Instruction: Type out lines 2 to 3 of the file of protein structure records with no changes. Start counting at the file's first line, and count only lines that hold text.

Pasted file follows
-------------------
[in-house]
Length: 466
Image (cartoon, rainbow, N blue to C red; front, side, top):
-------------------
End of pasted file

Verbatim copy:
Length: 466
Image (cartoon, rainbow, N blue to C red; front, side, top):